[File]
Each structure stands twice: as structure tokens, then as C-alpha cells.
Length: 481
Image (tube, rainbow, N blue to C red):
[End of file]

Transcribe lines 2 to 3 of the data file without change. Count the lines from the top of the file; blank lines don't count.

Length: 481
Image (tube, rainbow, N blue to C red):